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Robert Frost, an Americian poet of the late 19th century, used nature in many of his writings. This paper will discuss the thought process of Frost during his writings, the many tools which he used, and provide two examples of his works.
Robert Frost was born in San Franciso on March 26, 1874, but later moved to Lawrence, Massachuschusetts (after his father died) where he did most of his writing. He was a simple man who taught, worked in a mill, was a reporter, was a New England farmer, and wrote. Throughout his life he had always been interested in literature. He attended Dartmouth College, but remained less than one semester. In 1894 he sold his first work “My Butterfly: An Elegy” to a New York journal. A year later he married Elinor White. From 1897 to 1899 he attended Harvard College as a special student but left before he acquired his degree. For the next ten years he wrote poems, operated a farm in Derry, New Hampshire, and taught at Derry’s Pinkerton Academy.
In 1912 he sold his farm and moved to England where he could work on his writings full time. He was an instant success! “A Boy’s Will” was accepted by a London Publisher and a year later so was “North of Boston”. He also began to get recognized in America.
The Frosts sailed for America in 1915 and landed in New York two days after the Americian release of ”North of Boston”. The book was a good success and he used the profits to buy a farm in Fanconia, New Hampshire. During this time Frost began to write his most successful poems.
Frost was once asked his thought process during writing; he responded:
“I sometimes speak from the last thing that happened to me. I got asked today if I think up poems. Do I think them up? How do I get the right one? Well, it is the hardest thing in the world to tell. But I don’t think up poems. I pick up a lot of things I thought of to make a poem; that is a lot of scattered thoughts through the days that are handy for the poem-that’s about all. That’s where the thinking comes in.”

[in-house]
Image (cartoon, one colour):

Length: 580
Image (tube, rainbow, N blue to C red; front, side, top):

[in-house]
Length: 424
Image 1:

That is truly an amazing feat; he would just walk around looking at things and a poem would come into his head. He would write these entire inspirational poems in his head and didn’t even think that it was unusual. The best poet of the 20th century did not write rough drafts!
In 1915 he moved to New England and began to write. He used the New England country side as inspiration for many of his poems, but for the purpose of this essay two poems will be analyzed “The Road Not Taken” and “Birches”. “The Road Not Taken” was originally published in 1916 and it was Frost most popular poem to date. Still today it is considered one of his best and most popular works.
The Road Not Taken
Two roads diverged in a yellow wood.
And sorry I could not travel both
And be one traveler, long I stood
And looked down one as far as I could
To where it bent in the undergrowth;
Then took the other, as just as fair
And having perhaps the better claim,
Because it was grassy and wanted wear;
Though as for that, the passing there
Has worn them really about the same,
And both that morning equally lay
In the leaves no step had trodden black.
Oh, I kept the first foe another day!
Yet knowing how way leads onto way,
I doubted if I should ever come back.
I shall be telling this with a sigh
Somewhere ages and ages hence:
Two roads diverged in a wood, and I -
I took the one less traveled by,
And that has made all the difference.
The reader can just picture Robert Frost walking in a wooded area of the New Hampshire forest when suddenly he comes upon a trail that divides and he wrote “The Road Not Taken”. A poem that has been used in countless high school graduation speeches and as a metaphor for any situation in which a person must make an important decision. The simple themes have always appealed to Frost’s readers and seems to
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Robert Frost, The Road Not Taken, Birches, Emma Frost, North of Boston, Frost, New Hampshire, Mending Wall, Robert Frost Farm
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